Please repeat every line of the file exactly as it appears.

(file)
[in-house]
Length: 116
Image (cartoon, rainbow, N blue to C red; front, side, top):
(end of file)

[in-house]
Length: 116
Image (cartoon, rainbow, N blue to C red; front, side, top):